Some like it hot, 294pp.
by the Junior League of McAllen, Texas
Wimmer Companies, Tennessee, 1992
Cooking on page 32
This is another fundraising cookbook from one of North America’s Junior League community-based organisations.
I’ve owned it for many years, but only ever cooked from it a couple of times. In spite of the cookbook’s name, not all the recipes are based on chilli and heat, but they seem to reflect the cuisine of South Texas.
I’ll be in Texas next month and will let you know what I find.
P.S. Sorry about the long silence. I’ve been working full-time for the last nine weeks. The job was interesting and rewarding, and I had the pleasure of working with a great group of people, but the gig sure interfered with my lifestyle.
24 large mushrooms
2 tablespoons olive oil
1/4 cup butter, melted
2 jalapeno chillies finely diced (or to taste)
1 (7 1/2 oz) can or jar of salsa ranchera
1 cup grated Monterey Jack cheese
Lightly butter cookie sheet. Remove the stems from the mushrooms. Reserve the caps; chop the stems. Brush mushroom caps with melted butter; arrange on a baking sheet. In a skillet, sauté chopped mushroom stems in olive oil until all moisture is absorbed. Remove from heat; add jalapenos. Fill mushrooms with sautéed mixture. Top with grated cheese and a dab of salsa ranchera. Broil until cheese is melted.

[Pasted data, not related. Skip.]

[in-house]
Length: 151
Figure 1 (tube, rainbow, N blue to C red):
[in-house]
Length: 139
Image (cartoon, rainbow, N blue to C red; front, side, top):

How it played out
I made three-quarters of a batch, so slightly adjusted the amounts of all the ingredients. I have no idea what salsa ranchera is, so used generous amounts of a medium-strength bottled salsa instead (way more than a dab). I had a couple of small avocados to use up, so added slices of them to top the cheese. Although it’s introduced as an appetiser, I served it as a side.
We must have liked it—I made it two nights in a row. I recommend adding the avocado if you have it on hand. My nachos didn’t look so pretty when they came out of the oven (the avocado discolours a lot), but they tasted delicious. Next time I’ll whip up a homemade salsa.